U.K. police receive new information on Diana


British police said Saturday they are examining new information about the 1997 death of Diana, Princess of Wales, reportedly including an allegation that she was murdered by a British military figure.

Scotland Yard police headquarters said it is checking the credibility of recently received information about the deaths of the princess and her boyfriend, Dodi Fayed.

They were killed in a car crash in a Paris underpass in the early hours of Aug. 31, 1997, along with their driver, Henri Paul.

Citing a military source, Britain’s domestic Press Association news agency said it understood the allegation was made by the former parents-in-law of an ex-soldier, based on information he had talked about in the past.

PA and Sky News television said the information had been passed to Scotland Yard by the Royal Military Police.

“The Metropolitan Police Service is scoping information that has recently been received in relation to the deaths and assessing its relevance and credibility,” Scotland Yard said. “The assessment will be carried out by officers from the specialist crime and operations command. This is not a reinvestigation and does not come under Operation Paget.”

Sky News said the new information includes references to Diana’s diary, and to the SAS, the British military’s elite Special Air Service.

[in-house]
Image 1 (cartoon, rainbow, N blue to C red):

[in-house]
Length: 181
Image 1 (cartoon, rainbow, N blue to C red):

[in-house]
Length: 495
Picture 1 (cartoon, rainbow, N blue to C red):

Operation Paget was the two-year police inquiry into the numerous conspiracy theories surrounding the crash. Led by John Stevens, formerly Britain’s top policeman, it concluded in 2006 that all the allegations it assessed were without foundation.

It rejected the murder claims voiced by some, including Fayed’s father, the Egyptian tycoon and former Harrods owner Mohamed al-Fayed.

Fayed, 42, and driver Paul — the deputy head of security at al-Fayed’s plush Hotel Ritz in Paris — were pronounced dead at the scene of the crash. Diana, 36, died later in a hospital.

Bodyguard Trevor Rees-Jones, a member of the al-Fayed family’s protection team, survived. None of them had been wearing seat belts. Seeking to outrun chasing paparazzi photographers, Paul was found to have been speeding, while his blood alcohol level was found to have been more than three times over the French limit.